By the way, have you heard about the dangers of dihydrogen monoxide?

  • GeeGee

    Eagerly awaiting the butt-hurt anti-vax parents who will probably believe this article is real…just like everything else they read on the Internet.

  • GaMomof5

    Congratulations to Matthew!

  • Ciarrai Faerie

    sat·ire

    ˈsaˌtī(ə)r/

    noun

    the use of humor, irony, exaggeration, or ridicule to expose and criticize people’s stupidity or vices

  • Del

    This would be hilarious if it weren’t real. I applaud the young man for setting off on his own. I hope he is able to bring some real help to people. Jenner, and other scientists would be proud of him.

    • 3lbisivni

      It’s not real. Look at the top of the page where it says “Science, health, satire.”

  • Wow. Satire that ridicules people who question the mainstream
    medical/pharmaceutical paradigm, and diligently reinforces vaccine
    doctrine. How dangerous and revolutionary. Lol.

    • FireDragons42

      Who says satire needs to be dangerous and revolutionary. Sometimes it is just needed to make fun of things that are dangerous and utterly stupid, such as anti-vaccers.

      • Blind belief is dangerous. Manufactured consensus masquerading as science is dangerous. The entire vaccine paradigm is a house of cards, and its foundations are shaking. Thus, the need (by some) for satire to prop it up. It’s satire to serve the masters. 😀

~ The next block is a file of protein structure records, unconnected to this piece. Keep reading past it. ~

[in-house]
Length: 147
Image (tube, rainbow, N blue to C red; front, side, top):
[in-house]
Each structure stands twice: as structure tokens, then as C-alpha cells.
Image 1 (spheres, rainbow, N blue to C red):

• FireDragons42

          Except vaccines have continued to show their efficacy, from the early beginnings of purposely infecting people with cowpox to protect them from small pox, up to modern vaccines against things like meningitis and the flu.

          You don’t need to manufacture that consensus, because it comports with reality.

          • That is factually incorrect. The data does not support your claims.

          • FireDragons42

            So I guess that small pox was never eradicated then hmm?

          • It was never eradicated with a vaccine, correct.

          • FireDragons42

            HAHAHAHAHAHA! Oh sorry, you’re just a complete and total brain dead idiot.

        • Lori Koonce

          Have you swallowed enough of the koolaid that you now have lost any reading comprehension skills you may have had in the past?

        • Del

          It’s amazing that the anti-vexers don’t realize they have been brain-washed into following the nuts on the internet in joining into their religion. Many vegetarians, anti-vexers, political fanatics have made a religion out of their beliefs. And in a psychological transference accuse the rational people who have read and understand the overwhelming statistical studies showing the horrific results of the diseases prevented by vaccination, and the small number of people harmed by vaccinations, are accused by the anti-vaxers of having been brain-washed.